For details on how to contact our editorial and commercial departments, click here
Government agree to cap controversial pay day loans
CAMPAIGNERS were celebrating last night after the government agreed to cap 'payday loans', blamed for plunging the poor into a deadly "debt spiral".
Ministers bowed to pressure in the House of Lords, after an amendment was tabled by the Bishop of Durham and Paralympian Baroness Tanni Grey-Thompson, who lives in the North-East.
The Financial Services Bill will now be amended to give a watchdog the teeth to act on "legal loans sharks" which prey on the vulnerable who have nowhere else to turn for credit.
Protests have grown over online payday loan deals that can be completed in under an hour. In one example, £250 borrowed for 14 days would see £290.78 repaid - at an annual rate of 4,214 per cent.
The move delighted Jenny Chapman, the Darlington MP who has long campaigned for a cap, who said: "The exploitative rates charged by payday lenders must end. Britain is behind many other countries."
The Labour MP praised the Right Reverend Justin Welby - the Bishop of Durham, who will be the next Archbishop of Canterbury - whose intervention gave the campaign a huge boost.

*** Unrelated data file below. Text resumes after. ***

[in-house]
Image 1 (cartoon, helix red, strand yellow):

In the Lords, Bishop Welby pointed out the "moral case" for a crackdown, telling peers: "It's bad for us, it's bad for the clients, it's bad for all of us in the country when this is permitted to happen."
And Baroness Grey-Thompson warned that £2bn was now being leant by payday companies to four million people, adding: "It's essential that we get this right. These people are already in a very difficult situation."
The breakthrough came when the government agreed to give muscle to the new Financial Compliance Authority (FCA) to act against rogue lenders - prompting the withdrawal of the Bishop's amendment.
Lord Sassoon, a Conservative Treasury minister, pledged it would have "specific powers to impose a cap on the cost of credit and ensure that the loan cannot be rolled over indefinitely".
It would also go further by strengthening consumer protections and ensuring a breach of these rules would "make the agreement unenforceable by the lender".
Treasury sources ridiculed Labour claims of "victory", insisting the Bill had already proposed giving the FCA to take action and that it was merely ensuring there were no loopholes.
Some peers were cautious, demanding to see the exact word of the government's motion before agreeing to pass the Bill, next week.
Ministers had been accused of dragging their heels on promised action to curb an explosion in the number of high-interest lenders, which include Wonga - the sponsors of Newcastle United.
Campaigners have called for strict caps on loans and fees, modelled on a successful scheme in Florida. Germany and France have also taken action.
Comments are closed on this article.